Home System concept The current rules encompass the concept of “judge of the sky” to some extent

The current rules encompass the concept of “judge of the sky” to some extent

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Thursday night’s game between the 49ers and the Titans included a face mask penalty in the first half that clearly did not involve any face mask contact. As reported on Twitter at the time, this is precisely the kind of mistake on the pitch that a full-fledged Sky Judge (or a Range Umpire, or whatever title that would be used) could rectify.

We have the feeling that the NFL is moving in this direction. This year, the NFL expanded the ability of the proofread assistant and / or the league office to fix things without a full proofread overhaul. The rules allow consultation and / or advice and / or a truncated review of the replay as to “specific and objective aspects of a play where clear and obvious video evidence is present”. The process can also be used “to troubleshoot game administration issues”.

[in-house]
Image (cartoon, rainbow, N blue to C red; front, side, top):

Relevant elements for the modified sky-judge process, from 2021, include: (a) the application of sanctions; (b) good behavior; (c) the point of a foul; (d) the game clock; (e) possession; (f) completed or intercepted pass; (g) touch a free ball, a boundary line, a goal line or a baseline; (h) the location of the soccer ball or of a player in relation to a demarcation line, the line of scrimmage, the winning line or the goal line; or (i) down by contact (when a player is not eliminated by contact on the field).

It’s straight from the rulebook, and it’s a wide array of potential video fixes. But it’s not as comprehensive as it should be – as evidenced by the fact that Thursday night’s face mask foul clearly didn’t happen, but there was no way it was. rectify.

The NFL has justifiable concerns about the appropriate standard for altering decisions on the field and / or “unintended” consequences (often a crutch for “unimaginable”, as in “we haven’t considered even if we should have”) . As we have argued for years, the Sky Judge / Range Umpire should be a full member of the officials team, with the specific mandate of bridging the gap between what field officials see and what the rest of us see at home. If this is how it is configured, it may work well.

It may work better than the current system, which tolerates too many mistakes which are obvious mistakes because even though the officials on the pitch didn’t see it, everyone who was watching at home saw it. The sooner the gap is closed, the more strongly fans will believe that the officiating has improved.